Window Control Marking Menu

While it’s actually about a marking menu implementation in Flash, this gives a good introduction: Extremely Efficient Menu Selection: Marking Menus for the Flash Platform.

Marking menus vs linear menus on Youtube.

Could marking menus be used for window management?

There could be a menu button, but that would often put the menu in a corner so that fewer directions could be used efficiently. The menu would have to be designed for either the right or left edge of the screen.

Requiring a right click makes the functionality hard to discover, but one could provide a hint attached to the mouse pointer.

The menu appears on pressing the right mouse button. The center is neutral and allows to cancel the operation by simply releasing the mouse button again. Selection of options happens based on direction alone, distance beyond the initial threshold plays no role. This allows fast gestures. It might be worth consideration to place Maximize in the center, as it is a rather safe command, but one might want to offer a different way to cancel the operation, then.

During menu-use, the pointer disappears and a line is shown to indicate the chosen direction / the gesture being drawn. Sub-menus are reached by changing direction or pausing, although there are variations of marking menus where the mouse button has to be released.

The current workspace can’t be selected. Sticky (always on visible workspace) is presented as exclusive option instead of a separate state as in the current linear menu.

Marking menus can be combined with other elements, here an alternative for workspace selection. Sticky is presented as a kind of parenthesis.

GTK+ Issues

During my ongoing work on an SVG based theme to be realized with the gtk-css-engine I became aware of a number of shortcomings in GTK+.

There’s no Prelight on menus and tabs, making them feel like dead space. There’s an old bug report with patch for this, but it started out as being specifically for the Windows port:
http://bugzilla.gnome.org/show_bug.cgi?id=340203

No Active (depressed) state for entries. This is admittedly controversial:
http://bugzilla.gnome.org/show_bug.cgi?id=589971
entry-button
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Treating the parts of a SpinButton like separate widgets works against drawing arrows “inside” a SpinButton. Also the focus indication isn’t drawn around the whole widget like it should be, for this reason:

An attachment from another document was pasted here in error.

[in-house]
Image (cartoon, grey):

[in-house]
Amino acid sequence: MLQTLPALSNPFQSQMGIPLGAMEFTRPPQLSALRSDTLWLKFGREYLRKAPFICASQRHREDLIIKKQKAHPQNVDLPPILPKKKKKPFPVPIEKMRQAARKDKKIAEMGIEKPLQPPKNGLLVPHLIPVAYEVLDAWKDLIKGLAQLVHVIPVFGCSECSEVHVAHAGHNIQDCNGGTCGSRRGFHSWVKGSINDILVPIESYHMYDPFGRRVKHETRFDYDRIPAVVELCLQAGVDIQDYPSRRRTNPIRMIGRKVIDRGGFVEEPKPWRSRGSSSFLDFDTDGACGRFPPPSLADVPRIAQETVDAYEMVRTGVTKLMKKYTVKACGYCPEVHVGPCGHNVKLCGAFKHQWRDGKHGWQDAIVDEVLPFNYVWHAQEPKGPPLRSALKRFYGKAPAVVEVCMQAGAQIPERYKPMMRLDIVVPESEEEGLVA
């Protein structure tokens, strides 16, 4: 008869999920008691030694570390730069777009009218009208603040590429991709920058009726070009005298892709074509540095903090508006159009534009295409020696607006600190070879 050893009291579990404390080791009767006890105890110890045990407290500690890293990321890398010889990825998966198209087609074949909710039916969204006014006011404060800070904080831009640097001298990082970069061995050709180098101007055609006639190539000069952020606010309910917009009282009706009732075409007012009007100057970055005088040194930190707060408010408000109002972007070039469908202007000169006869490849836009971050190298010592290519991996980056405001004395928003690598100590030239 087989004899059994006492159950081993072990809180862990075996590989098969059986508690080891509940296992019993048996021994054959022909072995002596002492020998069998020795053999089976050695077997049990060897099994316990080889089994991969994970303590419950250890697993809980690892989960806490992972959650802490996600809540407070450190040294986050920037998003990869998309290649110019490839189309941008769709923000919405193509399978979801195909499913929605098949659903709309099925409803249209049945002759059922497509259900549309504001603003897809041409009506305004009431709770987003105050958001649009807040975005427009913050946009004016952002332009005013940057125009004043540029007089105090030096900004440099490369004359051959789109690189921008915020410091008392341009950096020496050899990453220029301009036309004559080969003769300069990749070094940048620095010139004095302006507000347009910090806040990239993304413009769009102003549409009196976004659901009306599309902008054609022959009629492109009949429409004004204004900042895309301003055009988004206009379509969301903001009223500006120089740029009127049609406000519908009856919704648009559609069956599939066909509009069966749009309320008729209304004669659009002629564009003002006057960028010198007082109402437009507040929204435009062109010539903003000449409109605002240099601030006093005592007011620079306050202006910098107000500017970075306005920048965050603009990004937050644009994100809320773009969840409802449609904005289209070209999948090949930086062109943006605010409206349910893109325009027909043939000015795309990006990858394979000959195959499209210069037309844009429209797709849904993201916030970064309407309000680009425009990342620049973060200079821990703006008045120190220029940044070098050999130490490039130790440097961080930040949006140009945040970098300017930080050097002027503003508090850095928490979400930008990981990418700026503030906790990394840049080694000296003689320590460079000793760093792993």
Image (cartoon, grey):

http://bugzilla.gnome.org/show_bug.cgi?id=589973
spinbutton_example

There shouldn’t be focus indication on only the current tab of a Notebook:
http://bugzilla.gnome.org/show_bug.cgi?id=589975
mouse_preferences_comparison
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There should be support for drawing the sides of tabs differently depending on whether they line up with the page or not:
http://bugzilla.gnome.org/show_bug.cgi?id=589981
notebook_2_width_cases
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gnome-look.org

A selection of my desktop backgrounds is now on gnome-look.org:

gnome-look

ardour.org has a new theme

It was decided to switch to a ready-made theme with the switch to Drupal 6 to ease migration in the future. So there was nothing to do for me, except provide a matching rendition of the Ardour logo 🙂

head

See it and a white version for the front page at ardour.org

Mudlet 3

After application icon and splash, it’s time to bring the archway to the website header.

Embedded in the current page design:
head_page_a
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A proposal with adjusted colors and a slight layout change:
head_page_b
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Project Kyūdō

The theme teams are doing a good job now on a few community themes. But for Jaunty and following cycles, the Ubuntu artwork community could do a better job.

My allies and I would like to push things towards a solid design process.

One that starts with the question what it actually is what we want to achieve, what our message is and who we are addressing. Goals we can agree on and that will lead us through the design, helping us to collaborate in a larger team in a meaningful way.

A process that will lead us out of the shadows of purely personal opinion and hidden assumptions towards the light of reason.

A process where we will not jump unto the first idea, but develop and test several designs for each little part. Where we will not restart on the next cycle, but build upon the existing. Continuous refinement.

One that will offer anyone a chance to learn about design in a deeper way and that will show onlookers that we are damn serious while we enjoy
the ride!

https://wiki.ubuntu.com/Artwork/KyudoGuidelines

Discussion is under way on the ubuntu-art mailing list. Questions and feedback are of course also welcome here 🙂